To the delight of Yiddishists and language-lovers everywhere, on April 6 the free language learning app Duolingo finally released a Yiddish course for English speakers. While this is most certainly a net positive — a free language learning option to make an endangered language more accessible to students — it’s important to remember that praise towards the Duolingo corporation itself is wholly unwarranted.
Even though Duolingo is a company worth billions of dollars, many of its language courses are created in the same way: through unpaid volunteers, creating language courses in the “Incubator.” For the last five years, a Yiddish course has been crawling like molasses through the Incubator by the sheer goodwill of volunteers. Meanwhile, it cannot be calculated how many Yiddish speakers were lost in that time; the native Yiddish-speaking population is a rapidly aging group that has been decimated by the Holocaust, or the shoah, remembered by Jews on Yom Hashoah, the day after Duolingo released their Yiddish course. Yiddish today is largely spoken by small Hasidic and Orthodox Jewish communities in New York and Quebec. Why then, is it so important that Duolingo released a Yiddish course, and so disappointing that it took them so long?
As Gen Z continues to age up, the American Jewish stance on Israeli-Palestine relationships has further liberalized. I cannot speak for all American Jews, but as one who is surrounded by this discourse, I can confidently say many American Jews feel no connection to Israel at all. It’s a heavily used antisemitic stereotype — called the “dual loyalty stereotype” — that we are double agents, out to subvert the American agenda for the Israeli one. I do not personally know a single American Jew who supports Israeli nationalism, after all, why would we? We’re American. We’re Jewish. We’re not Israeli. In fact, in American politics, it’s most often the Christian Evangelical right that advocates for Israeli nationalism. For leftist American Jews displaced from Europe by the Diaspora and the Holocaust, their opposition to Israel poses a conflict regarding any reconciliation between American Jewish culture and the Hebrew language. The modern Zionist movement, in the creation of the state of Israel, sought a language for their nation, and thus pushed for the widespread speaking of Hebrew for Israeli Jews. The history of Hebrew as a spoken, conversational language is inextricable from the history of Israeli nationalism; Hebrew had never been a conversational language until Zionist advocates successfully pushed for the use of the religious text in everyday life.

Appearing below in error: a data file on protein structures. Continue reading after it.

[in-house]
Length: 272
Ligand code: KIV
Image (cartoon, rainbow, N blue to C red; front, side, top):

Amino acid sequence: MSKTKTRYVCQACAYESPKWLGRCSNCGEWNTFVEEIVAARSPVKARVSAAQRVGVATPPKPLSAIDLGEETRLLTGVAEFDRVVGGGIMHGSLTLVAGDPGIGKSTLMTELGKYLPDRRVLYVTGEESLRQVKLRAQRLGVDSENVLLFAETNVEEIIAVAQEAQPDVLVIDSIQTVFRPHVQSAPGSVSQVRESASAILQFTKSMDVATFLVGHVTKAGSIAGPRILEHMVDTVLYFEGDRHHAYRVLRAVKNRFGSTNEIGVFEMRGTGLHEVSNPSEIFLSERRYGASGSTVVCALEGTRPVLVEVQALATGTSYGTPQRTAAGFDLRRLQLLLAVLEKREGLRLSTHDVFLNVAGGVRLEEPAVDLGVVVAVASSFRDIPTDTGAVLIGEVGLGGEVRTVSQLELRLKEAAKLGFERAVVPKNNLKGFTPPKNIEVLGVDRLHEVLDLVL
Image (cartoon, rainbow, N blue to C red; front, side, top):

It is heartbreaking that the language of our faith now carries the stain of Zionism and the burden of Israeli politics, but that’s the reality, and it’s one that has led many American Jews to feel divorced from their Hebrew education and connect with Yiddish instead. The last few years have seen a revival of digital Yiddishkeit (Yiddish culture) and modern, leftist content made lovingly in the mame loshn (Yiddish language). Take for example Yidlife Crisis, the popular Yiddish semi-autobiographical web series from Jamie Elman and Eli Batalion as they navigate romance, sex, friendship and Jewish religious questions all with lots of humor and lots of Yiddish. Yiddish is also heavily associated with Bundism, Labor Bundism or “Jewish Socialism” — union activists of the early 20th century, secularists and well-known leftist thinkers like Emma Goldman and Murray Bookchin, who both have roots in Yiddish society. All these things signify Yiddish as a language not only with incredible history and cultural meaning but as a secularist, socialist alternative to Hebrew. The historical and cultural connections of Yiddish to socialism and Hebrew to nationalism are undeniable and most certainly play a role in making Yiddish a more appealing option for some.
For years I, and many other American Jews, have tried in vain to reconnect with our culture. I read books, I studied German because of its similarity to Yiddish and I even studied Hebrew (albeit against my will) every Sunday for ten years. But I failed to learn much Yiddish, not due to lack of effort, but due to a lack of any free online language course. Unless I had the time and money to shell out for a class, I wasn’t going to learn Yiddish. And things stayed that way for me and for every other potential learner until almost two weeks ago. But amidst all the reverie, we must remember this: Duolingo made a conscious choice not to fund a professionally created Yiddish course, to let a precious piece of Jewish culture teeter on the edge of extinction for five years all because they didn’t want to shell out; and this is an act of antisemitism and classism that should not be forgiven.